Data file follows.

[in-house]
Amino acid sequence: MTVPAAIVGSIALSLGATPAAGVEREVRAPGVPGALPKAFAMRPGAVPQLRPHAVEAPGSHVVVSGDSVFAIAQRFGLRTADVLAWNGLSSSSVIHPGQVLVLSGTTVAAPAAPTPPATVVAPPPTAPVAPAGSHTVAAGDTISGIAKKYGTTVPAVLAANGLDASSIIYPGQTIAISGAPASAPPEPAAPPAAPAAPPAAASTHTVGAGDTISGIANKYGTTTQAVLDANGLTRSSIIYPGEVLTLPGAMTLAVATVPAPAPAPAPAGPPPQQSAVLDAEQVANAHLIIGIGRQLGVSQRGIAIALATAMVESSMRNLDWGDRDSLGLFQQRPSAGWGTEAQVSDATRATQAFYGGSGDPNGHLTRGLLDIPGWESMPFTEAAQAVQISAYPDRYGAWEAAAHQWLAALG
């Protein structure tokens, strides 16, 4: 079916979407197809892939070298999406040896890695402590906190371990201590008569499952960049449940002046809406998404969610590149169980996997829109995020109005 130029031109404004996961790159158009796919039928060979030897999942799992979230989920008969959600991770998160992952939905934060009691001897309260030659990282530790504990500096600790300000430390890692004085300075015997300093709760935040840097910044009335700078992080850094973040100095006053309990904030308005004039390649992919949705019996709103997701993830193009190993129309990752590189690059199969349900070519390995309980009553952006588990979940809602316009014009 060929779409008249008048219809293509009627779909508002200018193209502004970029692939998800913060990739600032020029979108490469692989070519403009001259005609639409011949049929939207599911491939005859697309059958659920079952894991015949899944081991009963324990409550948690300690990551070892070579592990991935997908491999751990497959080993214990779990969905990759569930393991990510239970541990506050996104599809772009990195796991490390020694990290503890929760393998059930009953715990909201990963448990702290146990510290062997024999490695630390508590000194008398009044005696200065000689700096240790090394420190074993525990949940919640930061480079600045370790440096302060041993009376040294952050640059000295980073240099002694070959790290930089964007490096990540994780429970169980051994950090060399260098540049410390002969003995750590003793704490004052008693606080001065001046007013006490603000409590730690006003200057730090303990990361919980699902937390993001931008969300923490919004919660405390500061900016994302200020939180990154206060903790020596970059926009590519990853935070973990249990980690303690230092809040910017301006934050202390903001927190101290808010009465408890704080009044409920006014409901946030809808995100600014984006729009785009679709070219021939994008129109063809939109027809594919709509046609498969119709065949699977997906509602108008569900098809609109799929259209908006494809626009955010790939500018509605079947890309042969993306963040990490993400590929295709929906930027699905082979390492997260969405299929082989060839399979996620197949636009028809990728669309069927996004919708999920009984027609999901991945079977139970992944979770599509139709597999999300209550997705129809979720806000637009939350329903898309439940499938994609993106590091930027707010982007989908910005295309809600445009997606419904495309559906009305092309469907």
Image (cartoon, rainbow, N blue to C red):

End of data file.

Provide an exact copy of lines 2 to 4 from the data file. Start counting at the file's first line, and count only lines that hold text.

Amino acid sequence: MTVPAAIVGSIALSLGATPAAGVEREVRAPGVPGALPKAFAMRPGAVPQLRPHAVEAPGSHVVVSGDSVFAIAQRFGLRTADVLAWNGLSSSSVIHPGQVLVLSGTTVAAPAAPTPPATVVAPPPTAPVAPAGSHTVAAGDTISGIAKKYGTTVPAVLAANGLDASSIIYPGQTIAISGAPASAPPEPAAPPAAPAAPPAAASTHTVGAGDTISGIANKYGTTTQAVLDANGLTRSSIIYPGEVLTLPGAMTLAVATVPAPAPAPAPAGPPPQQSAVLDAEQVANAHLIIGIGRQLGVSQRGIAIALATAMVESSMRNLDWGDRDSLGLFQQRPSAGWGTEAQVSDATRATQAFYGGSGDPNGHLTRGLLDIPGWESMPFTEAAQAVQISAYPDRYGAWEAAAHQWLAALG
């Protein structure tokens, strides 16, 4: 079916979407197809892939070298999406040896890695402590906190371990201590008569499952960049449940002046809406998404969610590149169980996997829109995020109005 130029031109404004996961790159158009796919039928060979030897999942799992979230989920008969959600991770998160992952939905934060009691001897309260030659990282530790504990500096600790300000430390890692004085300075015997300093709760935040840097910044009335700078992080850094973040100095006053309990904030308005004039390649992919949705019996709103997701993830193009190993129309990752590189690059199969349900070519390995309980009553952006588990979940809602316009014009 060929779409008249008048219809293509009627779909508002200018193209502004970029692939998800913060990739600032020029979108490469692989070519403009001259005609639409011949049929939207599911491939005859697309059958659920079952894991015949899944081991009963324990409550948690300690990551070892070579592990991935997908491999751990497959080993214990779990969905990759569930393991990510239970541990506050996104599809772009990195796991490390020694990290503890929760393998059930009953715990909201990963448990702290146990510290062997024999490695630390508590000194008398009044005696200065000689700096240790090394420190074993525990949940919640930061480079600045370790440096302060041993009376040294952050640059000295980073240099002694070959790290930089964007490096990540994780429970169980051994950090060399260098540049410390002969003995750590003793704490004052008693606080001065001046007013006490603000409590730690006003200057730090303990990361919980699902937390993001931008969300923490919004919660405390500061900016994302200020939180990154206060903790020596970059926009590519990853935070973990249990980690303690230092809040910017301006934050202390903001927190101290808010009465408890704080009044409920006014409901946030809808995100600014984006729009785009679709070219021939994008129109063809939109027809594919709509046609498969119709065949699977997906509602108008569900098809609109799929259209908006494809626009955010790939500018509605079947890309042969993306963040990490993400590929295709929906930027699905082979390492997260969405299929082989060839399979996620197949636009028809990728669309069927996004919708999920009984027609999901991945079977139970992944979770599509139709597999999300209550997705129809979720806000637009939350329903898309439940499938994609993106590091930027707010982007989908910005295309809600445009997606419904495309559906009305092309469907």
Image (cartoon, rainbow, N blue to C red):